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How do you follow a power duo like that? You put on another power duo. Visions Of Trees attacked the crowd with a blistering set, which included their 'hit', 'Sometimes It Kills'. Put simply, they sounded absolutely immense. My only complaint would be that Sara Atalar's vocals sometimes got lost in the mix, but she more than made up for that with her menacing stage presence.
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I then headed to the Jazz Cafe, which is about a 10 second walk from the Black Cap. See what I did there? That's called 'planning ahead'. Ok, I'll be honest, I decided to head to the Jazz Cafe early as I didn't want to miss Dananananaykroyd. N-Dubz could have been playing and I would have still got there for the same time, it just so happened to be MNDR that would be filling the void. All I really knew about MNDR (Amanda Warner) was the 'Fade To Black' track (which is ok) and the fact that she sang on that 'Bang Bang Bang' track by Mark Ronson & The Business Intl, so I was all too happy to talk to people about being alone at gigs via twitter on my phone.
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She actually happened to be pretty decent. A healthy amount of charisma, pop hooks and lovely visuals (crudely captured above) led to an enjoyable set. Now, in my opinion if you want to ruin a set, all you need to do is welcome Mark Ronson on stage. The so called 'Super Producer' (come on Mark, you coined that didn't you?) took to the stage for 'Bang Bang Bang'. It happened to be ok, the crowd seemed to dig it and all that, but I just have a real disliking for the guy. Sort of like when Ian Brown walked past me at Glastonbury, I really wanted to throw an egg at him but a) despite his height, he'd probably kill me and b) I didn't have an egg. Consider Ronson's appearance part two of my Ian Brown story, though I'd totally take Ronson in a fight.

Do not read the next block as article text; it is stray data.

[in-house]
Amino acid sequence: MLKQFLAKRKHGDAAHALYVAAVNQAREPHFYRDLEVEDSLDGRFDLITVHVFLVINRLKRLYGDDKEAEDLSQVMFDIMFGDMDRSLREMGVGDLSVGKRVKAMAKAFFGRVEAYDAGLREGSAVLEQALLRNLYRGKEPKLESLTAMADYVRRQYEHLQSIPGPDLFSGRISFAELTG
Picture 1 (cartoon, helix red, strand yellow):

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Now, back to the real world, it was time to welcome 'Britain's best live band' (I didn't coin that one, but I'm trying to claim it) to the stage.
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Dananananaykroyd are the best live band in the UK right now, and they have been for a long time now. Imagine the energy of At the Drive-In, the dual vocal intensity of Blood Brothers and the ability to underpin the ferocity with pop hooks and you'll come close to what they sound like. That's part one of my why they're so good. Part two is their ability to get everyone involved; like getting everyone to sit down (yes, everyone) and jump in the air as they kick of with one of their tracks. The singers also spend a healthy amount of time in the crowd, which leads to a riot like atmosphere, but a fun one.
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You could hate their music (not sure how) and still enjoy them live, and that's why they're so good. Most of the tracks they played came from their forthcoming album There Is A Way, which is always a risky move, but they pulled it off. Partly due to the party atmosphere they created, but also down to the fact that they know how to write a good pop song. What a great way to end the first day of Camden Crawl 2011.